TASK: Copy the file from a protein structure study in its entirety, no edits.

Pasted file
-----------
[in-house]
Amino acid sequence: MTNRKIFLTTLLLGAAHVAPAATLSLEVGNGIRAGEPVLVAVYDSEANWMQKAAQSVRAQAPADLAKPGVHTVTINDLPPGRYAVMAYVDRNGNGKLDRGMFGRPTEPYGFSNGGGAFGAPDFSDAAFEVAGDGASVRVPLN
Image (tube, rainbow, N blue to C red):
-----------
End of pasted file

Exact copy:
[in-house]
Amino acid sequence: MTNRKIFLTTLLLGAAHVAPAATLSLEVGNGIRAGEPVLVAVYDSEANWMQKAAQSVRAQAPADLAKPGVHTVTINDLPPGRYAVMAYVDRNGNGKLDRGMFGRPTEPYGFSNGGGAFGAPDFSDAAFEVAGDGASVRVPLN
Image (tube, rainbow, N blue to C red):